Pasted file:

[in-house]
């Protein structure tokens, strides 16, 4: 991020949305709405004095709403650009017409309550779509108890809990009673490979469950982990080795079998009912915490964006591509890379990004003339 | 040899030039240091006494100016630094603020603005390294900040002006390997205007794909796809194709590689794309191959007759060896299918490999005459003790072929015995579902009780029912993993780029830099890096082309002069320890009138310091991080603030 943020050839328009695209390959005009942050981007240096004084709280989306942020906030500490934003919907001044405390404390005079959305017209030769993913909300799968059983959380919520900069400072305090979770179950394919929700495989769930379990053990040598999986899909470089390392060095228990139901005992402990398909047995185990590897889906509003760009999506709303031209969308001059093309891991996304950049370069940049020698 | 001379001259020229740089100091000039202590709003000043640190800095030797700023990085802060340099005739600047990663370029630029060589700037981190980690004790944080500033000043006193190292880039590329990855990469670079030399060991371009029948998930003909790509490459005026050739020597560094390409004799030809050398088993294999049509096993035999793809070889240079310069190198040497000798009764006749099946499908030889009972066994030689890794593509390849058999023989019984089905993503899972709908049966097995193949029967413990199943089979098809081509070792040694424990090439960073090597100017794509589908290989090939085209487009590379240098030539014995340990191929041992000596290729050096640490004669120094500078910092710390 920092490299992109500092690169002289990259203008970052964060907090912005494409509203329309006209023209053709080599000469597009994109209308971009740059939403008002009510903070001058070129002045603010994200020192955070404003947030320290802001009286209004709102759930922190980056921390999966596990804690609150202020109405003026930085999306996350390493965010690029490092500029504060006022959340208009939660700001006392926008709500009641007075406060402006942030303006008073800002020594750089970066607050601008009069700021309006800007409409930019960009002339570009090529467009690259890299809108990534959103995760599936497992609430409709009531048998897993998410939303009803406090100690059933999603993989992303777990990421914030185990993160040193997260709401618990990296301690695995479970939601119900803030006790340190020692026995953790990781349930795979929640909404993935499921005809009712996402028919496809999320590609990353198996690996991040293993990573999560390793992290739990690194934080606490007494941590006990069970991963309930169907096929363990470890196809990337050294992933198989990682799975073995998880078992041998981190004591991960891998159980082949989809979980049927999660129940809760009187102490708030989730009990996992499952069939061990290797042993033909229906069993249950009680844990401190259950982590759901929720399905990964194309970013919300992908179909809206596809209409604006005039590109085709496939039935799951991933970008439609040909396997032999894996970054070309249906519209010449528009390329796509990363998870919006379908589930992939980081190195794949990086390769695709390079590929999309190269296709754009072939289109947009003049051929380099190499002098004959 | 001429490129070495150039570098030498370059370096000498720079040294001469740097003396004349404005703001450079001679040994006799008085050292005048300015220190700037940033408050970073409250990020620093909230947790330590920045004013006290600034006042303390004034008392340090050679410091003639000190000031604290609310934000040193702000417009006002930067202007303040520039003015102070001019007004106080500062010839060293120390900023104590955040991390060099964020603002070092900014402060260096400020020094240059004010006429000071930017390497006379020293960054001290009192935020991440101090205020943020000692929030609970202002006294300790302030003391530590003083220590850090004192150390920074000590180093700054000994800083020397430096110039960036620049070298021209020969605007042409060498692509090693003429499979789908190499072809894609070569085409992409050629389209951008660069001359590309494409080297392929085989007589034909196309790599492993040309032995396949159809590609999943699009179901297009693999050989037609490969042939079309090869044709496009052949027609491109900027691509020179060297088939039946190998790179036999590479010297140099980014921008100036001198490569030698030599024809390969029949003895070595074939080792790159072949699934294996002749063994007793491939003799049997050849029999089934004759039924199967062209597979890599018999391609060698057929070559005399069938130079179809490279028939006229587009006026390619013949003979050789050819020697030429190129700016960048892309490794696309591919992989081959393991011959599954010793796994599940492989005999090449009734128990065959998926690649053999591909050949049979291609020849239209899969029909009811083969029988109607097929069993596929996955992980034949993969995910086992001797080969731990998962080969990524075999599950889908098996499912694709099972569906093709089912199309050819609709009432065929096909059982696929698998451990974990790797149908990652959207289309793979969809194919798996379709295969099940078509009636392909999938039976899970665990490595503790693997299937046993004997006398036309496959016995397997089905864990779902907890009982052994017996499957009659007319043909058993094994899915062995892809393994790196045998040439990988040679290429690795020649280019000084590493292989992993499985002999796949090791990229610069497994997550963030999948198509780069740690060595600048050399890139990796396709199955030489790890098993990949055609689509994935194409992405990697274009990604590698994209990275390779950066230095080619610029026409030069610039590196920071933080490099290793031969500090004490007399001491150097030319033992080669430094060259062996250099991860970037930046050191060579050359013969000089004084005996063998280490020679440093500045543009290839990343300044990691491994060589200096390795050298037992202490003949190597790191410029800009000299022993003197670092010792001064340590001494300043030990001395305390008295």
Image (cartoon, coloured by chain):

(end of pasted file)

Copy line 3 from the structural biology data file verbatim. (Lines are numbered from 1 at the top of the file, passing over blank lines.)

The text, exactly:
Image (cartoon, coloured by chain):